The Nutrients for Growing Peace

23 Mar

I drove down to Williamsburg, Virginia yesterday to lecture at the William and Mary Law School on law reform in countries emerging from war.    The primary focus was to be the Model Codes for Post-Conflict Criminal Justice and the experiences and consultations that led to their development.  I discussed law reform and working overseas to promote rule of law.  But in light of current events in places including Egypt, Libya, Yemen and Tunisia, I briefly went into another area.

Okay, so now comes my gardening connection:  I branched out a bit to discuss the roots of the rule of law.  I wanted to plant a few seeds and hope that the law students would cultivate and promote their growth throughout their careers.   To help safeguard rule of law in our country and for those working overseas, to help promote it abroad.   Specifically, sometimes as lawyers, we lose the forest for the trees. We focus upon the details, the technical aspects of the law.  This especially happens when we work in countries emerging from war and think we can come in and pass a few laws, train a few judges and all will be well. But all too often, the very ground upon which we are building, is damaged.  The soil, so to speak, simply does not support any growth whatsoever.  What nutrients are missing in the soil? Well, among other things, from my experiences, it is the basic components of rule of law.  What are those components?  It is about the relationships in society, the values that the society holds and upholds. That the power relationships  are balanced and that no matter who you are or what position you hold in society, you will be treated equally and fairly.  A level of trust and legitimacy is required by everyone involved from the government to the citizens to the security forces. Without these in place,  and trust established, a society will continue to be stuck in a cycle of violence. There will be no peace.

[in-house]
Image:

Being in Virginia now, and then having been in Charlottesville last month for an international law symposium on national security at the University of Virginia School of Law (UVA), I have been really into Thomas Jefferson (who founded UVA), as well as the experiences of our own country as it was created and struggled through the revolutionary and civil wars that have formed a large part of who we are.    I found one of his quotes particularly relevant to this discussion and current events around the world:

“No nation however powerful, any more than an individual, can be unjust with impunity.  Sooner or later, public opinion, an instrument merely moral in the beginning, will find occasion physically to inflict its sentences on the unjust… The lesson is useful to the weak as well as the strong.” –Thomas Jefferson to James Madison, 1804.

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